Their writer was an opportunistic journalist named David Zaslavsky, a former bundist (Jewish socialist political movement member) desperate to exhibit fealty to the Party and to Stalin. Shostakovich knew him and possibly came upon that he had written the reviews. Zaslavsky used what he was paid for them to settle his Communist Party membership dues.
When Stalin exited the Bolshoi performance of the opera in disgust, Kerzhentsev launched an arrow at his rival Alexander Shcherbakov, the primary secretary of the Union of Soviet Writers. Shcherbakov had praised the unique Leningrad production of “Lady Macbeth” in a letter to Stalin. Stalin redirected that letter to Kerzhentsev, whose arrow struck Shostakovich.
Zaslavsky’s takedown of “Lady Macbeth” is vulgarly imaginative, centering on Shostakovich’s desire to “tickle the perverted tastes of bourgeois audiences with its twitching, screeching, neurasthenic music.” It “quacks, hoots, pants and gasps for breath with a purpose to present the love scenes as naturalistically as possible.” And “‘love,’” Zaslavsky added, “is smeared throughout the opera in its most vulgar form.”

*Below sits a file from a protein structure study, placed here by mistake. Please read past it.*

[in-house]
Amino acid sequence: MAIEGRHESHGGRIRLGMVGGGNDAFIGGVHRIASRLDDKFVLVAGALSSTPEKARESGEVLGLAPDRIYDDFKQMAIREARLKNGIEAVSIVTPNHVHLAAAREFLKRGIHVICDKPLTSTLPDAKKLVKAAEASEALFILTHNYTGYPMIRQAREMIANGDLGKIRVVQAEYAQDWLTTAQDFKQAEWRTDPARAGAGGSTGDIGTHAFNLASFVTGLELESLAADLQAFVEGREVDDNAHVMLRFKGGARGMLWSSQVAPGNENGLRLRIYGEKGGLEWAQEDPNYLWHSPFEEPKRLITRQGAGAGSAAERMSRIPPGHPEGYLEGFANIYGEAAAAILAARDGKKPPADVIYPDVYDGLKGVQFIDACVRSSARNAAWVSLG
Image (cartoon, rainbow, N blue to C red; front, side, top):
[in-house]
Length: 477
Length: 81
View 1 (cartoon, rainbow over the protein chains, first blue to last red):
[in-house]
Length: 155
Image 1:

There are not any love scenes, and the circuslike music of the Act I sexual assault is musically linked to the rating’s other episodes of brutality, something Zaslavsky neglected to say in his condemnation. Nor did he mention that “bourgeois audiences” in the USA didn’t hear the entire panting. It was censored, and, to accommodate conservative critics like Ruth Knowles of the Clean Amusement Association of America, the boudoir scene was concealed behind a curtain.
For Stalin, Zaslavsky served his intended purpose. “Yes, I remember the article in Pravda,” he told a cultural official. “It gave the proper policy.” The journal of the Union of Soviet Composers scrambled to reprint Zaslavsky’s articles and devoted several issues to shaming Shostakovich for his “leftism.”
There are conflicting accounts of Shostakovich’s response to the scandal. Before, Bolshoi dancers remembered him playing through the rating of “The Vibrant Stream,” laughing like a toddler. After, he turned up on the theater on the lookout for his rating in a panic saying he’d do “every thing they need me to.” He was frightened, but he also appeared to be offended, for himself and for Russia, hurt that his art had now to be in some way like Pravda itself — that opera, ballet and the opposite arts needed to read in black and white.